Sam Bankman-Fried, convicted of an epic fraud that led to the collapse of his FTX exchange, may go down in history as the person who did the most to undermine the crypto market’s credibility. If so, it will also have provided a valuable service to investors and the entire financial system.
The story that emerged in U.S. District Court in Manhattan was eye-opening. Bankman-Fried portrayed himself as a model citizen and savior of the crypto world, securing multimillion-dollar marketing deals with the likes of Tom Brady and Major League Baseball, advising Congress on regulation, and bailing out smaller competitors. Meanwhile, according to executives close to him, he committed a huge fraud: He exempted his own hedge fund from FTX’s collateral rules at the expense of customers and manipulated financial reports to cover up billions of dollars in misappropriated funds. His best defense was that he was too clueless to be held criminally responsible.
His co-conspirators – several of whom entered into cooperation agreements with prosecutors in the case – played their part in furthering the fraud. Judges should consider the magnitude of this criminality when deciding what sentences to impose and ensure that Bankman-Fried’s accomplices are held fully accountable.
The trial also highlighted the gullibility with which millions of crypto devotees trusted their money to organizations like FTX. These are the same problematic financial intermediaries that blockchain technology was supposed to displace, only worse: they are relatively opaque, they combine functions (such as trading and holding customer funds) that create strong conflicts of interest, and do so They do not have to face the requirements for security, soundness and investor protection that traditional intermediaries such as banks and stock exchanges impose. Yet companies like Binance, Coinbase and Kraken still process billions of dollars worth of transactions every day.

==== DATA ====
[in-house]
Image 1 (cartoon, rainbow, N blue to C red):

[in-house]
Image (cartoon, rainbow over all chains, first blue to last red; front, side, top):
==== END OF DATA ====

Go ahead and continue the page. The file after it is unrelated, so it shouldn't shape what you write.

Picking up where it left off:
If anything good comes from crypto, it will have little to do with the market as it exists now. Since there is none of the real cash flow flowing into stocks or bonds, most tokens are essentially worthless – unless you want to launder money, send funds to Hamas, manipulate markets, or engage in zero-sum speculation. Ultimately, institutions such as central banks could use the underlying technology to make it easier to use and send money across borders. But if so, Bitcoin holders will not be the main beneficiaries.
At least in this regard, Bankman-Fried’s ouster could still have some advantages. If he had been less of a gambler – if he had been content to simply collect fees rather than make extreme one-sided bets – FTX could have survived much longer and the crypto market could have grown much larger. As the numbers continued to rise, systemically important financial institutions may have found lending against cryptocurrencies irresistible – so the impact would have been much worse when the bubble finally burst.
The perpetrators of this fraud were numerous, and Bankman-Fried should not be viewed as the only villain. But as this cautionary tale comes to an end, the hope is that lawmakers and regulators will put in place the necessary safeguards to protect investors, block criminals and curb any systemic risks in the crypto space. In the meantime, if you want to warn people, you might just need three letters: FTX.
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